Yeah, I did a double take too, but check out what FOX’s Ken Rosenthal is reporting:
Multiple teams are in contact the Cubs about outfielder Milton Bradley, with one source saying, “You would be shocked at the level of interest.” The Cubs remain confident that they can trade Bradley without assuming the vast majority of the $21 million remaining on his contract over the next two years.
I guess this all turns on the definition of “vast majority.” Is that 60%? 75%? There’s probably no way you take Bradley if you have to pay him $10-$12 million, but if you’re a team that could use a DH, would you go for $6 million? $7 million? That’s a closer call, especially considering that it buys you two years of what could very well be above-average production. At that amount, most teams could simply cut Bradley and eat the money without too much heartburn if he acts like a knucklehead. And it may be just on the good side of the Cubs’ “vast majority” line.
My friend Rob Neyer is fond of saying that teams don’t trade players. They trade contracts. A contract at $3-$4m a year for a decent bat is worth trading for, even if that contract and bat are attached to Milton Bradley.
Allen Craig has been dreadful since the Red Sox acquired him from the Cardinals in the mid-2014 John Lackey trade, slashing .128/.234/.191 in 107 plate appearances last year and .152/.239/.203 in 88 plate appearances at the major league level this year.
Craig hasn’t been the same player since suffering a Lisfranc injury in 2013, and the 31-year-old first baseman and corner outfielder is still owed $20 million from a five-year, $31 million extension he signed with the Cardinals. So, yeah, the Red Sox would love to find a taker this winter, as new club president Dave Dombrowski told Tim Britton of the Providence Journal on Tuesday …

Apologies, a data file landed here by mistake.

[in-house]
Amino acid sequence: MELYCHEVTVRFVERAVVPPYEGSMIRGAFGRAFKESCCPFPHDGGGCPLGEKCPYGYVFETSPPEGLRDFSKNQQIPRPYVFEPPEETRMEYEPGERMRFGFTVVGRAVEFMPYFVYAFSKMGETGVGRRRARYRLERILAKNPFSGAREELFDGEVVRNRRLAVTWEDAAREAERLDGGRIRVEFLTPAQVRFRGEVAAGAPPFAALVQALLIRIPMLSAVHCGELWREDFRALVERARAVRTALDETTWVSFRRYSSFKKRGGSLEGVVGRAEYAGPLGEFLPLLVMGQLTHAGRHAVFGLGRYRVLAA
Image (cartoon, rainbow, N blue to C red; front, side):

You don’t often hear an executive express that kind of thing publicly. It was former Red Sox general manager Ben Cherington who brought Craig to Boston.
Cardinals starter John Lackey had a clean first inning in Game 4 of the NLDS on Tuesday afternoon at Wrigley Field, but Anthony Rizzo opened the bottom of the second a shift-beating single to the left side of the infield and then Starlin Castro reached on a fielder’s choice grounder to short. Kyle Schwarber came through with a single and Jason Hammel followed a Miguel Montero strikeout with a two-out, run-scoring liner up the middle.
Enter young shortstop prospect Javier Baez, who’s filling in for the injured Addison Russell in Game 4 as the Cubs try to advance to the NLCS …
Opposite field. Wind-aided, sure, but it probably didn’t need the wind anyway. What a shot.
Chicago leads the visiting Cardinals 4-2 as the sixth inning gets underway at Wrigley.
Mets infielder Juan Uribe has been sidelined since late September with a chest injury and it sounds like he won’t be available for the NLCS if New York advances.
Mets manager Terry Collins told Adam Rubin of ESPN New York that Uribe has yet to resume baseball activities and continues to experience discomfort.
Uribe was a useful late-July pickup for the Mets and hit .253 with 14 homers and a .737 OPS in 119 total games for three different teams this season, but his postseason role would be pretty limited even if he were healthy.